Anirban Basu’s February 2021 Economic Outlook

New Year Brings Old Problems

January has not been kind to America over the past several years.  In 2019, the nation entered the year amidst what would turn out to be the longest federal government shutdown in American history.  In 2020, the country found itself in the middle of presidential impeachment proceedings and staring down the barrel of a novel pneumonia-causing virus emerging from Wuhan, China.  In 2021, the nation found itself strangled by that very same virus, and then experienced gut-wrenching violence in Washington, D.C.

Meanwhile, economic data have recently taken a turn for the worse.  After adding 12.5 million jobs during the seven months following March and April’s employment bloodbath, employment growth faltered.  According to the data released by the Bureau of Labor Statistics, the nation lost 227,000 jobs on net in December 2020.  A combination of waning stimulus impacts and the reintroduction of social distancing mandates caused America’s brief recovery to end.  In January, the nation added a lackluster 49,000 net new jobs, statistically indifferent from zero.

Were it not for 81,000 temporary positions added, January would have represented a second consecutive month of job loss in America.  There is a kernel of positivity in that statistic, however.  The fact that employers added a meaningful number of temporary jobs suggests that many are experiencing growing demand for goods and services, but are not yet confident enough to add full-time staff.  This may be a portent of better things to come.  That said, for now, the U.S. economy is operating at stall speed, and one could make the case that a second recession has begun.

The nation’s rate of unemployment fell to 6.3 percent in January.  While this is much-improved from April 2020’s monstrous 14.7 percent rate, it is also misleading.  Since February, about 4.3 million Americans have left the U.S. labor force.  Were those people included in unemployment calculations, the official rate of unemployment would be in the range of 9 percent.

Economy Slows After Rapid Recovery in 3rd Quarter

After experiencing the largest economic contraction in modern history during the 2nd quarter of 2020 (-31%), the economy rebounded during the third, expanding 33 percent.  Despite additional growth during 2020’s final quarter, the economy shrank 3.5 percent last year.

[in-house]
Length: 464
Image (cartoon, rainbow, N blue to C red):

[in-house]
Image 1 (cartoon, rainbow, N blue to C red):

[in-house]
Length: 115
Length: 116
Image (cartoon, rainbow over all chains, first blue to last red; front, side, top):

Here are some of the major phenomena observed in 2020:

  1. Interest rates declined as liquidity increased, inducing more people to pour money into assets like U.S. equities and bitcoin. Consequently, many asset prices surged even as the broader economy struggled.
  2. The U.S. housing market is booming as more people/families seek to take advantage of low mortgage rates, more aggressively social distance, demand more space for home offices and gyms, and form households.
  3. E-commerce and online activity are booming, with companies/applications like Instacart, DoorDash, Zoom, DocuSign, Amazon, and many others catalyzed by the pandemic and stay-at-home mandates.
  4. Commercial real estate is in crisis, with remote work, truncated business travel, and online sales diminishing demand for commercial space, perhaps for years to come.
  5. The number of long-term unemployed Americans has been surging. By January 2021, the number of people jobless for 27 weeks or longer surpassed 4 million.  The extent to which these people will rejoin the labor market is unclear.
  6. Inflation is picking up as subdued supply capacity meets rising demand. This is likely to become even more apparent later this year.
  7. Socioeconomic disparities ramped higher during the crisis as many entry-level and near-entry-level workers lost jobs while asset prices raced higher. This will impact both fiscal and monetary policymaking for years to come.

Looking Ahead

Vaccinations are here.  While COVID-19 heavily shaped the economic outcomes of 2020, vaccinations are likely to overwhelmingly influence 2021’s outcomes.  The notion among most economists is that the back half of 2021 will be simply spectacular for economic growth.

There are some sources of risk.  First, there is the possibility that not enough Americans will be vaccinated to recreate a sense of normalcy.  Moreover, the pace of vaccine distribution has been below expectations thus far.  Second, if interest rates rise in the latter part of the year, America’s heavily leveraged economy may not produce the expected level of growth.  Rising interest rates may also induce reversals in equity and other markets, compromising both investor and consumer confidence in the process.  Third, between now and the year’s second half, many additional businesses will falter.  If enough healthy economic tissue is destroyed, the economy will not have the requisite number of firms ready to rapidly gear up for economic growth come the summer.

Despite those caveats, the baseline expectation remains that the U.S. economy will experience rapid economic recovery during the latter half of 2021.  The recuperative powers of the U.S. economy were on full display during the summer of 2020 as the economy reopened.  The expectation is that we will see a repeat performance later this year.

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